TABLE OF CONTENTS
Dedication ————————————————————————– i
Acknowledgement —————————————————————– ii
Table of contents——————————————————————- iii
List of tables———————————————————————— v
CHAPTER ONE: INTRODUCTION
1.1Background Information————————————————– —- 1
1.2 Problem Statement————————————————————- 4
1.3 Objective of the Study——————————————————— 5
1.4 Research Hypotheses———————————————————- 6
1.5 Justification—————————————————————- —- 6
CHAPTER TWO: LITERATURE REVIEW
2.1 Fertilizer Procurement, Distribution and Subsidy——————— —- 7
2.2 Constraints to Fertilizer Supply and Use——————————- —- 11
2.3 Policy Performance Criteria——————————————— —- 13
2.4 Environmental Issues on the Use of Fertilizer————————- —- 14
2.5 Economic Regulation—————————————————– —- 16
2.6 Economic Deregulation————————————————– —- 16
2.7 Theoretical Framework————————————————— —- 17
2.8 Analytical Framework—————————————————- —- 20
2.9 Time Series Features of the Variables———————————- —- 23
2.10 Relationship between the explanatory and explained variables—23
2.11 Residual test for Cointegration—————————————– —- 24
2.12 The Error Correction Model——————————————– —- 24
CHAPTER THREE: METHODOLOGY
3.1 Study Area—————————————————————– —- 25
3.2 Period of Study—————————————————————– 26
3.3 Data Collection———————————————————— —- 26
3.4 Data Analysis————————————————————– —- 27
3.5 Model Specification—————————————————— —- 27
CHAPTER FOUR: RESULT AND DISCUSSION
4.1 Distribution of fertilizer between 1986 -1996 and 1997-2006———– 30
4.2 Usage-rate of Fertilizer between ‘86/’96 and ‘97/’06——————— 33
4.3 Yield of selected Fertilizer Dependent Crops for the two periods ——- 36
4.4 Determinants of Time Series Properties————————————- 37
CHAPTER FIVE: SUMMARY, RECOMMENDATION AND CONCLUSION
5.1 Summary———————————————————————— 44
5.2 Recommendation————————————————————– 44
5.3 Conclusion ——————————————————————— 45
References——————————————————————— —- 46
LIST OF TABLES
Table 1: Total Fertilizer Production, Importation, Exports and Use in Nigeria——————————————————————— 10
Table 2: Nigeria Fertilizer Use, Procurement, Subsidy, Price and Tariffs 11
Table 3: Distribution of Fertilizer between 1986/1996 and 1997/2006—– 30
Table 4: Price of Fertilizer between 1986/1996 and 1997/2006————– 31
Table 5: Subsidy Cost of Fertilizer between 1986/2006 and 1997/2006- 32
Table 5.1: Nigerian National and Agric Budgets & Fertilizer Subsidy Costs——————————– 33
Table 6: Fertilizer Usage-rate for the periods———————————– 34
Table 7: Yield of Maize, Millet, Rice and Sorghum for the two Eras——— 36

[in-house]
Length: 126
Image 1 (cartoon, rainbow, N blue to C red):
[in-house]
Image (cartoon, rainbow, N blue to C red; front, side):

Table 8: ADF Root values at Order (1)—————————————— 37
Table 9: Augmented Engel-Granger Test for Co-integration at Order 1(0)38
Table 10: Maize yields Response to price and other factors of Fertilizer 39
Table 11: Rice yield response to price and other factors of Fertilizer -40
Table 12: Millet yield response to price and other factors of Fertilizer -41
Table 13: Sorghum yield response to price and other factors of Fertilizer-42
This study examined the impact of fertilizer policy on crop production. The various trends in fertilizer policy reform were explored. Specifically, the fertilizer policy was studied under two policy regimes: the pre-liberalization and the liberalization periods. The first period is between 1986 and 1996, which otherwise constituted the pre-liberalization era while the years between 1997 and 2006 make up the second period, otherwise called the liberalization era. Secondary data on the distribution of fertilizer, usage-rate, fertilizer cost, yield of selected cereals, as well as the time series features of the variables, test for cointegration and the error correction mechanism were used in this research. The descriptive analysis, students’ t-test and the regression model were used to analyze the data. It was discovered that there was an increase in the distribution of fertilizer in the second period. There was also an increase in the yield of the selected cereals. Among the selected crops, rice had the highest yield in the first era. The quantity of fertilizer distributed, the usage-rate of fertilizer, the price and the policy periods of the variables were found to have significant effect on agricultural production. The quantity of fertilizer distributed and the price of fertilizer were found to have positive effect on agricultural production. In order to increase agricultural production in Nigeria through an effective fertilizer policy: the distribution of fertilizer to farmers has to be timely. Farmers should be educated on the dangers of excessive use of fertilizer in order to prevent environmental pollution. Complementary use of inorganic and organic fertilizer should be encouraged so as to ensure eco-balance and food security.